I’m not necessarily that strategic. I work with a very small group of people—fewer than 10 on a regular basis. Of course, the community is much larger, but those are the ones I work with consistently and every day. Crown Business has been a strong partner for years and in the U.S. at least, I think they’re the best at what they do. My assistant got the job after she volunteered to complete a menial task for free. She did a great job on it and so I said … “Want to do more and actually get paid?”

A similar question: Someone comes to you and asks: „I’m past 50 now and still wasn’t able to do anything with my life but sell my time and energy to an employer, is there still hope?“ – What do you say?

There are a lot of people in my community who are facing that situation. So the first thing I’d say is “You are not alone.” Having a “second act” can be very powerful. Past age 50, you may feel that you don’t have the technological skills of a younger generation. But these are things that anyone can learn. What you do have is life experience and wisdom. Your goal is to transfer that experience and wisdom into the second act.

You recruited a small army of your own to help promote the book, your „street team“. What qualifies people for this quest – and what do you expect from them?

I’m not sure it’s a proper “quest”—mostly I just need help! My books have been successful in the past not because of some big marketing effort, but because regular people have told others about them. I always want people to take action on the ideas in my books, not just read them for entertainment. So the Street Team is critical to that effort.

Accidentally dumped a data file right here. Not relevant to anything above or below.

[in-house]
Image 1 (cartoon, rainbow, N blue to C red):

Are you going to come to Europe, and especially relevant to the readers or „Alles fließt“: will there be a German edition of #BornforthisBook?

Absolutely! I don’t know the timing yet but there will definitely be a German version and I’d love to tour in Europe to meet readers. As soon as I have dates, we’ll post them on

Header foto: Chris Guillebeau @Flickr

Noch 10 Tage teilnehmen! JVM-Umfrage zum Nachwuchs

Wer es vor lauter Weihnachtsstress übersehen oder noch nicht geschafft hat, hat noch bis zum 31. Januar die Gelegenheit, an der Umfrage der Jungen Verlagsmenschen zu den Arbeitsbedingungen der Brancheneinsteiger teilzunehmen.

Wenn ihr in der Buchbranche arbeitet oder gearbeitet habt, nehmt bitte teil und verbreitet die Umfrage weiter! Es ist wichtig, dass wir bei den ganzen Diskussionen um Bedingungen, Mindestlohn etc. endlich mal mit belastbaren Zahlen argumentieren können.

Sobald Ergebnisse vorliegen, berichten wir natürlich auch hier darüber.


photo credit: Threat to Democracy via photopin cc

„How to work tomorrow?“ – Kurzinterview mit Peter Sorgenfrei, CEO Somewhere

ist ein Social Network, das sich wie LinkedIn oder Xing auf die Vermittlung von Arbeit konzentriert – das dabei aber einen anderen Ansatz verfolgt. Ich habe Peter Sorgenfrei, CEO von Somewhere, interviewt. Viel Vergnügen mit seinen Einsichten!

Q: Let’s start with a simple question you can answer best: What is Somewhere? 

A: Somewhere is a platform for individuals to share their work. A place to talk about the what, how and why of the thing we do that is called work. People do that by answering questions (we call them Provocations) about work or by just sharing freely when inspiration hits. Companies use Somewhere to illustrate their culture through their people and thereby attracting new talent and new business.